Here's a good reason to cook up that morning oatmeal: It could help transform your kid into the next Usain Bolt.
A recent study of 656 schoolchildren in Winterthur, Switzerland, showed that children who skip the most important meal of the day are less fit. The researchers tested the kids' abilities in five different areas: the 20-metre sprint, the shuttle run, standing long jump, sidewise jumping over a bar, and tapping between two circles with one hand.
Breakfast eaters scored better on the first three tests. For example, those who ate breakfast could do the sprint in 4.3 seconds versus 4.47 seconds for the non-breakfast eaters. And in the long jump, those who ate breakfast could jump 124 centimetres on average compared with 115 centimetres for those who skipped the meal.
"We were a bit surprised that the difference was so clear," said Isabelle Aeberli, the leader of the study and a post-doctoral fellow at the Swiss Federal Institute of Technology Zurich.
The challenge for most moms and dads is, of course, carving out time. A survey this year by the Heart & Stroke Foundation of Canada found that half of parents said time was their biggest challenge. Another 41 per cent said their kids had no appetite in the morning (perhaps night-time snacking is a culprit), and 29 per cent blamed picky eaters.
The charity has launched a new campaign aimed at encouraging more Canadian children to fuel up on breakfast. "It's giving you a good start," said Carol Dombrow, a Heart and Stroke Foundation registered dietitian.
Breakfast can also provide some much-needed down time for both parents and kids before they rush out the door.
"We have a chance to sit down and talk about what's coming up for the day, what we're excited about, what may be bothering us," said Beth-Anne Jones, a stay-at-home mother of three young boys who lives in Toronto.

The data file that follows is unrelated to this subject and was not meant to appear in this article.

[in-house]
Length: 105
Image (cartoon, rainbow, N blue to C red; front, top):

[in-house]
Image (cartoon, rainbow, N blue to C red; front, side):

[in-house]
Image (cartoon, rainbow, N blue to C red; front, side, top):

Parents should aim for a balanced meal that includes fruits or vegetables for fibre, whole-grain bread, muffins or cereal, and eggs, cheese or other protein, according to Ms. Dombrow. If kids don't eat breakfast, it's hard to meet the daily nutrient requirements for iron and fibre, Ms. Dombrow says.
Breakfasts don't require a lot of work to be effective. The children in the Swiss study, for example, typically had bread with jam, and gasp, Nutella chocolate spread, or cereal. The beverage was hot or cold chocolate milk, or Ovomaltine, a malt drink, followed by plain milk.
As for Mr. Bolt, he reportedly dined on a fast-food wrap as part of his breakfast before winning the 100-metre final at the Olympics. "Imagine if they actually had a healthier breakfast," Ms. Dombrow said, referring to the Swiss kids in the study.
Be prepared: Try setting the table, slicing fruit or boiling eggs the night before. Bake muffins or cereal bars on weekends.
Give kids a say: Let them pick their own fruit, or offer a choice like eggs or toast. Viara Mileva, a mother of three who writes a parenting blog, tries to switch it up, including making crepes with her children. The outcome? She reports fewer breakfast wars.
Try something new: Sometimes you need some inspiration, especially before your first coffee. British celebrity chef Hugh Fearnley-Whittingstall, who champions the use of local produce at his restaurants and on his TV series, is trying to lure people back to the breakfast table. He thinks pancakes should be a frequent indulgence, and his website offers recipes for Banana and Oat Thickies and Swiss Style Muesli among other breakfast treats: rivercottage.net